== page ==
The doctor is in: pandemic pups provide psychological benefits

A few weeks ago, I got a phone call from my elderly friend. “I had to have my dog put down and I don’t know what to do,” she said. “I’ve never been without a dog in my whole life.”

My friend is in her eighties and lives alone. She has been extremely isolated during the pandemic–only seeing people through her glass door, and having groceries and medications delivered.

Naturally feisty and energetic, she kept herself busy during the pandemic with sewing, crocheting, selling on eBay, trying new recipes and chatting on the phone. In the weeks following the loss of her dog, though, she did not seem herself. When we talked on the phone, she seemed depressed, lonely, and started to bring up the subject of being ready to die soon.

This situation got me thinking about the huge surge of pet adoptions during the pandemic. Breeders are reporting that they have waiting lists for dogs into the middle of 2021 and animal shelters are almost empty. Attempts to explain this dog adoption phenomenon vary: it is a way to keep children stuck at home from being bored when parents have to work; people now have the extra time to  tay home  and take care of a pet; pets fill the free time of the unemployed. 

 I wondered what was driving people to adopt so many dogs in the US and what the dogs are doing for them. Why are dogs the solution to social isolation for so many people?

I think the answer is more complicated than just filling a space with an animal, though. Pets help people with anxiety and depression and, of course, during this time of pandemic, physical distancing and a chaotic political scene, more and more people are suffering from anxiety and depression. I think that experience is the reason for the newfound attraction.

Owning a pet has powerful physical and mental health benefits. Studies have found physical evidence of psychological benefits from just cuddling with a dog. Researchers have found that typically, when their subjects pet a dog, their blood pressure goes down, their heart beat decreases, their breathing deepens, and tension in their muscles melt away. These body changes are the physical signs of reduced anxiety and stress.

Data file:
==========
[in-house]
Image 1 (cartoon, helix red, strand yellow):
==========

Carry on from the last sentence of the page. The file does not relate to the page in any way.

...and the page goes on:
Humans are also wired to be touched. We have a deep need for physical contact. During the COVID-19 epidemic everyone is advised to not touch people we are not quarantining with. We shouldn’t hug, pat on the back, or shake hands with friends or colleagues.  Most of us are not getting the physical contact from other living beings that we are used to. This is more intense for those who live alone and are physical distancing during the COVID outbreak. This population subset is more likely to develop something psychologists have termed “Touch Hunger.”

Touch signals safety and trust, it soothes. Basic warm touch calms cardiovascular stress. It activates the body’s vagus nerve, which is a part of our compassionate response, and a simple touch can trigger release of oxytocin, a feel-good hormone. Dogs crave attention and love to be caressed and cuddled. They will even helpfully remind you to interact with them by nudging you, putting their cold nose in your hand or touching your arm with a paw. It is a symbiotic relationship.